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Williamson v. Asher

Court of Appeals of Illinois, First District, First Division

June 24, 2013

MARY CATHERINE WILLIAMSON, Individually, and as Special Administrator of the Estate of Michael Williamson, Deceased, Plaintiff-Appellee,
v.
CAROLYN ASHER, as Special Administrator of the Estate of Arthur Asher; HERB ELDRIDGE; d/b/a A&H Trucking, Inc.; and A&H TRUCKING, INC., an Indiana Corporation, Defendants (KRX, INC., Intervenor-Appellant).

Appeal from the Circuit Court of Cook County, Nos. 04 L 5666, 06 CH 26687 Honorable Barbara McDonald, Judge Presiding.

JUSTICE CUNNINGHAM delivered the judgment of the court, with opinion. Presiding Justice Hoffman and Justice Delort concurred in the judgment and opinion.

OPINION

CUNNINGHAM, JUSTICE.

¶ 1 This appeal arises from the May 23, 2012 order of the circuit court of Cook County, which directed the plaintiff, Mary Catherine Williamson[1] (Mary Catherine) to pay $206, 914.29 to intervenor KRX, Inc. (KRX), in satisfaction of KRX's workers' compensation lien against damages recovered by Mary Catherine in an underlying tort action. The order denied KRX's request for a portion of the interest on the underlying judgment amount. On appeal, KRX argues that the trial court erred in denying KRX's request to recover a portion of the interest on the underlying judgment amount. For the following reasons, we affirm the judgment of the circuit court of Cook County.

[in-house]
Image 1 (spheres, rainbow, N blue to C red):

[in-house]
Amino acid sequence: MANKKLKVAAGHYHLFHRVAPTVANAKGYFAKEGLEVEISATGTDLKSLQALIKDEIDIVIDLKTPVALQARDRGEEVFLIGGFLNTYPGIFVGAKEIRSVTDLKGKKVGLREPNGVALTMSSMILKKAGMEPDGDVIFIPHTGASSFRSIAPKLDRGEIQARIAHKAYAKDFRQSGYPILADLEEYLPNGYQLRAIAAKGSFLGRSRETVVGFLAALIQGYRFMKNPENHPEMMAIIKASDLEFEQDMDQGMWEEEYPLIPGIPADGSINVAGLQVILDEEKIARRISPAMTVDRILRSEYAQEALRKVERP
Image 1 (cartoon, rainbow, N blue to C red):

¶ 2 BACKGROUND

¶ 3 This case has a complex procedural history and only the most pertinent facts are reproduced below. On April 23, 2003, a truck driven by Arthur Asher crossed the center line of a highway in McLean County, Illinois, and collided with a gasoline tanker truck owned by KRX and driven by Michael Williamson. Both Arthur Asher and Michael Williamson died in the accident.

¶ 4 Subsequently, KRX, as Michael Williamson's employer, paid $283, 549.80 in workers' compensation to his widow, Mary Catherine.

¶ 5 In May 2004, Mary Catherine, individually and as special administrator of Michael Williamson's estate, brought a lawsuit (case No. 04 L 5666) against several defendants, including Arthur Asher's widow, Carolyn Asher[2]; Herbert Eldridge[3] (Eldridge); A&H Trucking, Inc.[4] (A&H Trucking); and Harmon Designs, Inc.[5] (Harmon Designs). The complaint sought damages for wrongful death, survival, medical and funeral expenses, and loss of consortium.

¶ 6 On May 27, 2005, Great West Casualty Company (Great West), as insurer and subrogee of KRX, the owner of the truck driven by Michael Williamson at the time of the accident, brought a separate property damage action against the same defendants to recover for damages to KRX's truck (case No. 05 L 5859). As a result of the accident, Great West, under the terms of its insurance policy, indemnified KRX for the damaged truck and, thus, KRX was not a direct party in the property damage action. On October 4, 2005, the two causes of action (case Nos. 04 L 5666 and 05 L 5859) were consolidated (the underlying action).